NEW YORK (Reuters) — A U.S. judge on Friday upheld Ghislaine Maxwell’s sex trafficking conviction, despite a juror’s acknowledgment that he had falsely stated before the trial he had not been sexually abused.
Maxwell, 60, had been convicted in December of helping the late financier and convicted sex offender Jeffrey Epstein sexually abuse teenage girls.
The British socialite requested a new trial in January after one of her 12 jurors said in media interviews he had been sexually abused as a child.
Asked in a pretrial screening questionnaire whether he had been a victim of sexual abuse, the juror checked “no.”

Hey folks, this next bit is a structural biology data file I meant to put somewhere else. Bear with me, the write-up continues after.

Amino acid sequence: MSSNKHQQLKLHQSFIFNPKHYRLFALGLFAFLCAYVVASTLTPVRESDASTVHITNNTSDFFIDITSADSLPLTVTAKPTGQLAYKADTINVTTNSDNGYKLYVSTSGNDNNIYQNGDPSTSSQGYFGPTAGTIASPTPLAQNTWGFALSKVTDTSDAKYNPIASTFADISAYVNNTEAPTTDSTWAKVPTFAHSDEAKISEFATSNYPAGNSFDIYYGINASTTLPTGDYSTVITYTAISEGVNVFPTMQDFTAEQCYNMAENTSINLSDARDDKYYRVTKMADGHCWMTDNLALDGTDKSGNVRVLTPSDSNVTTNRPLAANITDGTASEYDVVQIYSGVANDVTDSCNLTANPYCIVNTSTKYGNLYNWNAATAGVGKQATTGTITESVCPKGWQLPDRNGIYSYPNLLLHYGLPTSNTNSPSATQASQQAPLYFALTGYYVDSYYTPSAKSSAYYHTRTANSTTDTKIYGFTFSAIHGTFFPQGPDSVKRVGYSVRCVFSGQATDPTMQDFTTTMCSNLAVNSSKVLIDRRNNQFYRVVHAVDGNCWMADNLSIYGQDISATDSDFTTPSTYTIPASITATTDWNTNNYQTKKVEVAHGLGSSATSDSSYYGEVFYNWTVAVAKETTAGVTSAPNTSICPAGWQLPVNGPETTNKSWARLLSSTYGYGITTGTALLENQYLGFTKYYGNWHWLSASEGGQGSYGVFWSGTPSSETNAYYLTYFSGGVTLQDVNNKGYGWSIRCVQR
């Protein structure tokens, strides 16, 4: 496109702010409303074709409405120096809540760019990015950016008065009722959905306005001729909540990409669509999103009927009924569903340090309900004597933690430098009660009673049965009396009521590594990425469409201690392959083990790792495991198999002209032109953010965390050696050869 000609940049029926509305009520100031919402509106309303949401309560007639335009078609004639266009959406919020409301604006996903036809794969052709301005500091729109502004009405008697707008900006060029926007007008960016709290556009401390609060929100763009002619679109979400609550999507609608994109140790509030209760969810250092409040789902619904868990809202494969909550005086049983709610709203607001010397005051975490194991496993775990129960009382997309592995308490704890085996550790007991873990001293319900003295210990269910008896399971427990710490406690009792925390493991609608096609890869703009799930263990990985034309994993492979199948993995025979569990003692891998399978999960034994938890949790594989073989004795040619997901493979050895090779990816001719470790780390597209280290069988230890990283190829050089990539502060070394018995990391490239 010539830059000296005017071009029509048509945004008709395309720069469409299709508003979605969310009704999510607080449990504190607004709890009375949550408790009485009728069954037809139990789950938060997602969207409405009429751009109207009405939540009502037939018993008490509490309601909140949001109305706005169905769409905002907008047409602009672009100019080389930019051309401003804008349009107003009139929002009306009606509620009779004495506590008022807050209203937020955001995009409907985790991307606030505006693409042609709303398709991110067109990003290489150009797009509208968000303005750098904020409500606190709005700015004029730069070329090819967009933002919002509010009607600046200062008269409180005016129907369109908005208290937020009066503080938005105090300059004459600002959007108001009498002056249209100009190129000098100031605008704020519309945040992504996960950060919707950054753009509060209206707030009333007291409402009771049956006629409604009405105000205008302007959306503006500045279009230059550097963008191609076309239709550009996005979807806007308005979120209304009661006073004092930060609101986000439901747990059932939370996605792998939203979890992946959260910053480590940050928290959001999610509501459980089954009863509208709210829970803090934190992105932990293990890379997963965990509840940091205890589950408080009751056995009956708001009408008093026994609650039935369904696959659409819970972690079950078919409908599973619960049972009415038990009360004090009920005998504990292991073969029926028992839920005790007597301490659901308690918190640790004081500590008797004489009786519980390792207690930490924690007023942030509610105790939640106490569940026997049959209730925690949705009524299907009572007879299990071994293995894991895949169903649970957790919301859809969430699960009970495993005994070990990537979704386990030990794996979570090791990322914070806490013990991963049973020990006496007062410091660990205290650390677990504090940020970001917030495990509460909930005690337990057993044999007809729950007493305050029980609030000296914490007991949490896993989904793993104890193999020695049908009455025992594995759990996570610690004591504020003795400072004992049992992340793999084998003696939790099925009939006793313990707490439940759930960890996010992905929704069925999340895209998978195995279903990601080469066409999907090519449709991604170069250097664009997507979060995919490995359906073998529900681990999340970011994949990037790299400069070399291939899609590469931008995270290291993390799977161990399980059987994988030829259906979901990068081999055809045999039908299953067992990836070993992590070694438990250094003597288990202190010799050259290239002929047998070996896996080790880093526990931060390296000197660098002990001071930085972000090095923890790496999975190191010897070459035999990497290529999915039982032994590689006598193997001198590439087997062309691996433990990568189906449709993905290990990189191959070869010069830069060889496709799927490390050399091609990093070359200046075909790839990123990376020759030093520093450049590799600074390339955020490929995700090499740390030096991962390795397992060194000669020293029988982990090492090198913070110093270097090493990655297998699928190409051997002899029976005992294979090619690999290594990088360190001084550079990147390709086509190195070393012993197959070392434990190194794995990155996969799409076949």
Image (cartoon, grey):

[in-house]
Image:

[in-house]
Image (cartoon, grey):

Maxwell’s lawyers would have struck the juror from the panel if he had answered honestly, and said his false statement denied Maxwell her right to a fair trial.
Prosecutors contended that Maxwell could not show the juror, identified in court papers as Juror No. 50, was biased, after he said during jury selection he would be fair and impartial and decide the case based on the evidence.
In her decision on Friday, U.S. Circuit Judge Alison Nathan said the juror, referred to as Juror 50 in court papers, testified truthfully at a hearing last month over Maxwell’s request for a new trial.
“His failure to disclose his prior sexual abuse during the jury selection process was highly unfortunate, but not deliberate,” Nathan wrote. “The Court further concludes that Juror 50 harbored no bias toward the Defendant and could serve as a fair and impartial juror.”
Maxwell’s lawyers have vowed to appeal the guilty verdict.
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